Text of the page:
Northern Trust has joined up with IBM in a commercial deployment of blockchain technology for the private equity market.
Both parties, along with other stakeholders, have combined to build a distributed ledger offering based on the Hyperledger Fabric.
The platform will be used to administer private equity funds managed by Unigestion, a Geneva-based asset manager with $20 billion in assets under management.
The resulting network aims to provide real-time insight and transparency to all parties including fund managers, investors and regulators.
The development is in response to an apparent lack of innovation in the private equity space, where investors are seeking greater transparency, security and efficiency.
“Blockchain is an ideal technology to bring innovation to the private equity market, allowing Northern Trust to improve traditional business processes at each stage to deliver greater transparency and efficiency,” said Arvind Krishna, senior vice president of Hybrid Cloud and director of IBM Research.
“Based on the Hyperledger Fabric and secured by IBM Blockchain’s high security business network, IBM collaborated with Northern Trust to build a powerful new enterprise solution using blockchain for the private equity industry.”
In addition the platform aims to allow the fund to transfer ownership stakes and be managed, serviced and audited throughout the investment lifecycle on a transparent platform offering ‘one version of the truth’ to participants who gain access via secured means.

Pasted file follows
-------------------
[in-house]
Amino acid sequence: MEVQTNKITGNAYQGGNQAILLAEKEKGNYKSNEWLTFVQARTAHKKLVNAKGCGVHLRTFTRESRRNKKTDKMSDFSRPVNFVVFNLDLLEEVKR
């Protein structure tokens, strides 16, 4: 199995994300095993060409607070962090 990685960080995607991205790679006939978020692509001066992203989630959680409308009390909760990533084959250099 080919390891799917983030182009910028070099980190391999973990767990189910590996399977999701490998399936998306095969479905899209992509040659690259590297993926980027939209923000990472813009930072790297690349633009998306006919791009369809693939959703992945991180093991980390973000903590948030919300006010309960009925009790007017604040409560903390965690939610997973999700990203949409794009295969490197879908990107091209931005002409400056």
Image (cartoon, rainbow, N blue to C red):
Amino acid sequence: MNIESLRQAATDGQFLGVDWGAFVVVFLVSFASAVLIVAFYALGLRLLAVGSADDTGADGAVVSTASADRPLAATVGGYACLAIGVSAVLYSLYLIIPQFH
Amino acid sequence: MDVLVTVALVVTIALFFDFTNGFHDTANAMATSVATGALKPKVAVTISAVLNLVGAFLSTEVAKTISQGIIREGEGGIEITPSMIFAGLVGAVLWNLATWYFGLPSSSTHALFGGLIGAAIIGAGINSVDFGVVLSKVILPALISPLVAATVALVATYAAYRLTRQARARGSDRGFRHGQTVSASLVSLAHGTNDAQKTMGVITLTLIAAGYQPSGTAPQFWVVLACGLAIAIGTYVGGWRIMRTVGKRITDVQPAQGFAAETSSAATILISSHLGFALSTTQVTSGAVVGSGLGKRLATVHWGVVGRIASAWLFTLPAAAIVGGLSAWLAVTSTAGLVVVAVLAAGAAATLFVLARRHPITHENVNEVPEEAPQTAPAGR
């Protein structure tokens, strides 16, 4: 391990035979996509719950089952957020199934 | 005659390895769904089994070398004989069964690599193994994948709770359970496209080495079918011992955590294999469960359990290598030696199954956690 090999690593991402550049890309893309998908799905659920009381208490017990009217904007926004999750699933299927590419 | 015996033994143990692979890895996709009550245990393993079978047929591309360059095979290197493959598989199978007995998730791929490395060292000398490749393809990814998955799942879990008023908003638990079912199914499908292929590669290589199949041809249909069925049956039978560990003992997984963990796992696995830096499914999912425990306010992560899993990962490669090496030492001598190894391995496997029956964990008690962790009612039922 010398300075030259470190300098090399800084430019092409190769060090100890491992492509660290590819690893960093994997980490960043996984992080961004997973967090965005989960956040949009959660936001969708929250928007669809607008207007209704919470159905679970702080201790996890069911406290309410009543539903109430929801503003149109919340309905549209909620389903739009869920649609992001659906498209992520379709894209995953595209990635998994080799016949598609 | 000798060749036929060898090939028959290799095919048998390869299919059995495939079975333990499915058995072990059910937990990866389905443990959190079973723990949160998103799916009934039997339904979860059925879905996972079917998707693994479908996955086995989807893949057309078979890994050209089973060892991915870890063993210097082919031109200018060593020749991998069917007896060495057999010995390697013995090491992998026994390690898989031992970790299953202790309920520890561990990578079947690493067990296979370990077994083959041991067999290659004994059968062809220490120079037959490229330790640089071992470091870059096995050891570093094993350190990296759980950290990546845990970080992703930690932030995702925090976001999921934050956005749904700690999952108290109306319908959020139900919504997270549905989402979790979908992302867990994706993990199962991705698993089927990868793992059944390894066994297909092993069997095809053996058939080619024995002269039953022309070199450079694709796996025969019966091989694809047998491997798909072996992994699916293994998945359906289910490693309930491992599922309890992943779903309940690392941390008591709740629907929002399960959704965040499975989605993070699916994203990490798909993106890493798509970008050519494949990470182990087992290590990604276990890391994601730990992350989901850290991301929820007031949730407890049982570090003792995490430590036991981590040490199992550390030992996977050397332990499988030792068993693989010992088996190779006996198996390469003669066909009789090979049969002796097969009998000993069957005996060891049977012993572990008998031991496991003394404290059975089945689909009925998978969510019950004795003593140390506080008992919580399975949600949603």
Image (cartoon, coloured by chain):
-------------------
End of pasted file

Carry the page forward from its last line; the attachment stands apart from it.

Northern Trust will only offer the solution to clients on a selective basis.
“Current legal and administrative processes that support private equity are time consuming and expensive,” said Peter Cherecwich, president of corporate & institutional services at Northern Trust.
“A lack of transparency and efficient market practices leads to lengthy, duplicative and fragmented investment and administration processes.”
Recent research on blockchain technology from Synechron found that almost 25% of senior-level financial services professionals have said their firms are waiting for regulatory guidance before taking action on blockchain technology.
In addition, earlier this month, the European Securities Market Authority (ESMA) suggested legal issues that stretch beyond those contained in financial regulation could affect the deployment of blockchain technology.